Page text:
Microsoft has acquired a startup called Cycle Computing for an undisclosed sum.
- Cycle Computing’s software allows companies to run massively huge apps in the cloud, a profitable area for cloud vendors.
- Cycle was an early partner with AWS and Google and its customers will be asked to move to Microsoft’s cloud.
In a bit of a coup in the cloud computing world, Microsoft on Tuesday announced that it bought a startup called Cycle Computing for an undisclosed sum.
Cycle may not have the name recognition of some of its better-known tech peers, but the startup has played a crucial role in creating today’s cloud computing industry. When businesses swipe a credit card today and instantly get access to unlimited supercomputing power, it’s in large part thanks to Cycle.
Cycle Computing gained nationwide attention in 2012 when its technology transformed Amazon’s then nascent Web Services into a supercomputer boasting the equivalent of 50,000 individual computers.
Scientists were trying to find potential new cancer drugs and they used Cycle’s software to simultaneously run their app across tens of thousands of virtual computers in Amazon’s datecenters. (Specifically, they used 6,700 Amazon EC2 instances to create a 51,132-core computer — with each core is basically equivalent to a single computer). The setup was so powerful that it cost researchers $US5,000 to run their AWS app for just one hour.
It was an early proving project for Amazon’s AWS business which, back in 2012, was still trying to convince enterprises to give it a go. This project was pointed out by Amazon’s cloud genius Werner Vogels as one of his most proud moments to date, he told Business Insider at the time.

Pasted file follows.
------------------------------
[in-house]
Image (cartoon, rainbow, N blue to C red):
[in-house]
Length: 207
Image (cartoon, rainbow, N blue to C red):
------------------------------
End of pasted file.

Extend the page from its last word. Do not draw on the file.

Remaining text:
In the years since, Cycle Computing grew to be used by all three of the big cloud vendors, AWS, Google and Microsoft Azure. Plus, a bunch of competitive products came onto the market that also let virtual cloud computers work together as if it were one massive supercomputer.
A grab for AWS, Google customers
Flash forward to 2017 and there’s now an entire market of such products called “cloud orchestration,” complete with its own consortium under the Linux Foundation, the “Cloud Native Computing Foundation” of which Cycle was a founding member. CNCF has grown so powerful that Microsoft and AWS bowed and joined it last week.
Microsoft did not disclose the terms of the sale and it’s hard to guess because Cycle Computing was unusual in another way: it was bootstrapped, taking on zero VC funding. Cycle raised $US1 million in debt financing in 2016.
The founders “started Cycle twelve years ago on an $US8,000 credit card,” founder and CEO Jason Stowe said in a blog post on Tuesday announcing the news.
So this could have been sweet exit for them and their employees, who own 100% of the company. Or it could have been an aqui-hire fire sale.
There’s some reason to believe it was a happy exit. Cycle claims Novartis and NASA as marquee customers as well as a list of unnamed top companies in manufacturing, life insurance, pharma and biotech, media and financial services/hedge funds. Stowe says that all told, its customers are using the product to run the equivalent of “1 billion core-hours this year, growing at 2.7x every 12 months,” in other words, a billion hours of computing time and growing.
But here’s the clincher: while Microsoft says it will continue to support all of Cycle’s customers on their original cloud of choice like AWS or Google Cloud, future Cycle customers won’t be given that option. And existing Cycle customers will be asked to move to Azure.
Microsoft says: “We will continue to support Cycle Computing clients using AWS and/or Google Cloud. Future Microsoft versions released will be Azure only. Customers will be given assistance to migrate.”
And that’s why this is brilliant. These are huge application that use a lot of cloud services and rack up big cloud computing bills. Microsoft is trying to boost usage of its cloud Azure. With this acquisition it gets to do that, while also encouraging AWS and Google customers to jump ship.
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